Here is another of my seasonally inappropriate recipes from the comfort food binge last weekend. The temperature has stayed on the cool side, so I’m guessing it won’t be long before everyone is starting to crave winter warmers.
This recipe was an experiment, so I have only made it once. It worked very well, but I feel the need to highlight that it has not been ‘tried and tested’ in the usual way. The combination and balance of ingredients was just right, so I wouldn’t change anything there, but I would be interested in trying out alternative cooking methods.
Some other recipes with cannellini beans only require that you boil the beans in stock for 10 to 15 minutes before adding them to the casserole. I had never made a casserole with cannellini beans before, so I was wary of adding them only partially cooked and then finding that they were still hard when everything else was ready. I was also cautious of overcooking them, hence leaving them to one side while the casserole was on the stove. I found this method worked just fine, but I might take the risk next time and allow them to cook in the casserole.
The chief dilemma I had when making this dish was whether to put it in the oven. My indecision is evident in the fact that I ended up cooking it half on the stove before transferring it to the oven. Those masters of French cooking, Child, Bertolle and Beck advise that,
Stews may be cooked either in the oven or on top of the stove; the oven is preferable because its heat is more uniform.
Indeed, my chicken might have been more tender had it spent less time on the stove. The main reason I cooked it for a while this way was to reduce the sauce, but I could have just as easily put it uncovered in the oven to achieve the same result. In doing so, I would probably have ended up with a nice crust on top of the dish, similar to that on a cassolet. I will try this next time and let you know how it turns out.
Serves 4 as a main course.
Preheat the oven to 180C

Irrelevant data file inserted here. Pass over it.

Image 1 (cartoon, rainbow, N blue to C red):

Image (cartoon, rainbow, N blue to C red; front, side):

Drain the beans and put in a large saucepan with the whole clove of garlic, 1 bay leaf, a few sprigs of the thyme and the chicken stock. Bring to the boil and cook for 15 minutes before turning down the heat and leaving them to simmer for a further 45 minutes to 1 hour.
Heat the lard or olive oil over a medium-high heat in a large heavy-based casserole. Fry the chorizo for 2 to 3 minutes, before it starts to crisp remove with a slotted spoon and put to one side. Add the chicken thighs, lightly brown on each side, remove from the pan and put to one side.
Turn the heat down to low, add the onions and remaining garlic and sweat for 5 minutes or until pale and translucent. Finely chop the remaining thyme, pulling the leaves off any particularly woody stems and discarding the latter; you should have approximately 1 tbsp chopped thyme. Add the thyme to the onions along with the other bay leaf.
Turn the heat up and pour in the white wine. Let the wine bubble and reduce, then add the tinned tomatoes, roast pepper, smoked paprika, salt and pepper. Stir, check for seasoning and adjust as necessary.
When the beans are ready, drain them over a bowl, reserving the stock. Discard the garlic, bay leaf and thyme and leave the beans to one side. Add the leftover stock (approx 200ml) to the stew, along with the chicken and chorizo. Cook over a low heat for 30mins, partially covered, before adding the beans and transferring to the oven (covered) for a further 30 minutes.
Sprinkle with fresh parsley and serve with crusty bread.